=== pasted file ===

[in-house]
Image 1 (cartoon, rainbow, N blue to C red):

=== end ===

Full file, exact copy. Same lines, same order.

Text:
[in-house]
Image 1 (cartoon, rainbow, N blue to C red):